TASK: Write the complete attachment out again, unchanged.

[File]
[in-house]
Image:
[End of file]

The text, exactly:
[in-house]
Image: